A Myth about ROC Curves and C-statistics

(new and expanded whitepaper link)

Area under the curve (AUC or c-statistic) is not paramount. 

Shape often matters more.

(also read “Subtlety of ROC AUCs (C-statistics) that is Often Forgot”)

What is the issue?

It boils down to the clinical use of a particular diagnostic. This is not represented by the area under the curve (AUC), or c-statistic. It is determine by the shape of the curve.

There are other nuances as well.

To begin with, the AUC is only a rough guide of what’s good, and for the most part predominantly useful in comparing curves of the same contour. The bigger the area, for one of a group of curves with the same profile, the better. However, curve shape matters. A lot.

As can be seen in the figure below, a steep shape at the bottom near the y-axis (high-specificity or low false positive fraction) is best for rule in. The patient has the disease. Likewise, a shallow, asymptotic shape at the top, with very high sensitivity, is best for rule out as not having the disease. So, curves that are big at the top, or bottom, are generally more clinically useful than those that are big in the middle. Many (most?) curves are big in the middle.* In contrast, the skewed shapes have a more straightforward clinical value. This can be so, even if the AUC is lower for the skewed curve than a more well rounded shape.

* There are exceptions, for outstanding assays, like troponin for heart attack, or CCP for rheumatoid arthritis.

What are the implications?

For one thing, the idea that the optimal cut-off for an ROC curve is at the 45 slope inflection is incongruous. The cut-off should be set clinically, based on the treatment algorithm, the risks of false negatives, and the costs and risks of false positives. In fact, for a curve such as the one below (real, disguised data), two cut offs would be appropriate, and the diagnosis of patients between them indeterminate.


What does this mean practically?

Lately, ROC analysis is being used a lot for biomarker discovery, multi-marker indexes (FDA termed IVD MIAs), and the like. Differences in areas under the curves (help) drive selection of the markers. Often, lists of biomarkers or algorithms are merely ranked by AUCs (c-statistics) as a screen—high good, low bad. Of course, if too many biomarkers are being assayed against too few patient samples, this traditional use of ROCs, breaks down even more (so called false discovery, a topic for another day).

It goes without saying, that before this kind of analysis comparing biomarker performance, one should understand the clinical issues and fit for the diagnostic. With this understanding, trade offs between false positives and negatives, sensitivity versus specificity, or importance of positive or negative predictive value can be reasoned. That shows where on the curve one should be, and what contour can work best. The clinically valuable biomarker, and its ROC, may appear quite middling in the normally used stats, but be the most useful.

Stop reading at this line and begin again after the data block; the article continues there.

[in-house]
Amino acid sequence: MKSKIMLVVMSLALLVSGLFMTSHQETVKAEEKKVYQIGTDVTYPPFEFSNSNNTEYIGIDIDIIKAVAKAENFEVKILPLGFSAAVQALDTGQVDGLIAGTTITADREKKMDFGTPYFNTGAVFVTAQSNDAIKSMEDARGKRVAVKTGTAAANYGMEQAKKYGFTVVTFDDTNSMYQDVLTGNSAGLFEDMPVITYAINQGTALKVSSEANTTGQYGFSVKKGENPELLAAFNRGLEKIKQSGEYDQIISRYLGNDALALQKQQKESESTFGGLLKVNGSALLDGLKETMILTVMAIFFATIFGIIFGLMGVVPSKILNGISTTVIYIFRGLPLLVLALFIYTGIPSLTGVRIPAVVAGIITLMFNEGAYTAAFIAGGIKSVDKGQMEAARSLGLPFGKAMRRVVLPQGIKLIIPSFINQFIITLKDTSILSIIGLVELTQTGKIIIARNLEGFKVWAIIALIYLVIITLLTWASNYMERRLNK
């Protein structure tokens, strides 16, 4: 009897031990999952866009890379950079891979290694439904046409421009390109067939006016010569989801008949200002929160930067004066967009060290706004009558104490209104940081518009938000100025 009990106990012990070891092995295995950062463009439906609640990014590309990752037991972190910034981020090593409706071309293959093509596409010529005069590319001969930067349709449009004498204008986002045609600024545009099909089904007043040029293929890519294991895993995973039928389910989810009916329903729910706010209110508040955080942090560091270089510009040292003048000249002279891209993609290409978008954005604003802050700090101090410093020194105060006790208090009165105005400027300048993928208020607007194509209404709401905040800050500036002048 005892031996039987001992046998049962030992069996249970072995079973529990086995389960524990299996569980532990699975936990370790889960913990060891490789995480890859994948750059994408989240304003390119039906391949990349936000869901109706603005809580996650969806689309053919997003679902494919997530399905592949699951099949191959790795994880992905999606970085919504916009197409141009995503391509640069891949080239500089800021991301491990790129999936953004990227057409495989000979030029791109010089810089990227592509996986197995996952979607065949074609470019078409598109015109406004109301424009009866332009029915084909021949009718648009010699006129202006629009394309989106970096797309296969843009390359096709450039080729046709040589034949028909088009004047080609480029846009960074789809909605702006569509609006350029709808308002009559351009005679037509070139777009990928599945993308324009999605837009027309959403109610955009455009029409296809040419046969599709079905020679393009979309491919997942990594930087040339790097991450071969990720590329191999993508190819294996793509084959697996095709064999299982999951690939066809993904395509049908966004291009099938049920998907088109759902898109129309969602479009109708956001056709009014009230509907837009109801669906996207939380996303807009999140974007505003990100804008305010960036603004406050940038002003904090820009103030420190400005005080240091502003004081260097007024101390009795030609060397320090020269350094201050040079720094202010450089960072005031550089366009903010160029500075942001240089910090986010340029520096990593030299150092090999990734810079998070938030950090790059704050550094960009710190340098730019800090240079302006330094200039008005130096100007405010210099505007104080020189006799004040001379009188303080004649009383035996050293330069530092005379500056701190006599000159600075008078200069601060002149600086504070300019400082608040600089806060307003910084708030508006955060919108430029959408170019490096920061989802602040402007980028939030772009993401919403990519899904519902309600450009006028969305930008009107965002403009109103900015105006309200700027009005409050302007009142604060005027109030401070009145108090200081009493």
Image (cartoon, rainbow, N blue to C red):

So it’s time to slog it out. Look at and compare the shapes. For those that appear useful and similar in profile, the AUC is the right tool, and a great tool, for selecting the best biomarker(s). Use it then.

© 2013 Winton Gibbons

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6 thoughts on “A Myth about ROC Curves and C-statistics

  1. I agree that multi-variate tests (or sequential tests) may look better than the individual tests’ AUROCs would indicate. Often, a multi-variate index can be created and the ROC for that index determined (as well as sensitivity, etc.). Also, your points about predictive values are well taken. They illustrate one of the values of a good prospective study – prevalences observed are estimates of those in the intended population.


  2. Two comments. First, no matter the shape, if the AUROC is too small, the test is unlikely to be useful (Rule-out the test instead of using it to rule-out disease). Second, in cases such as your example, partial areas under the curve may be useful.


    1. Paul – For the most part, I agree. For your first point, the only attitudinal data that I’ve seen and generated, was for cancer recurrence, broadly speaking. In that context, even with very high specificity, a sensitivity of greater than 1/3 was needed for physicians to believe they will use the test. However, prevalence, positive predictive value (PPV), and public perception and policy also go into the equation. For example, in mammography screening for breast cancer, a PPV of 10% has been considered sufficient (although now a great point of controversy).


    2. Paul – Agreed on your points, but only partially on the first. Having been involved in a number of multi-marker programs, and for heterogeneous diseases, I have seen the baby most often thrown out with the bath water, in search of even middling AUCs. Putting together a number of low AUC, but properly shaped curves, has led to better results. Great biomarkers have both, (e.g., troponin, CCP), but for too many instances, those type of biomarkers have not yet been found. So, one must find the best way to cobble together more than one biomarker.


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